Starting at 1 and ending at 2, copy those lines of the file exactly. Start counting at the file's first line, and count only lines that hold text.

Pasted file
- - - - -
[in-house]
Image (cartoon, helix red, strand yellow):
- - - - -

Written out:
[in-house]
Image (cartoon, helix red, strand yellow):